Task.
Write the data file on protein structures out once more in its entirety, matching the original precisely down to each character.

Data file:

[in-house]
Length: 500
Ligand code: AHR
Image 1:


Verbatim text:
[in-house]
Length: 500
Ligand code: AHR
Image 1: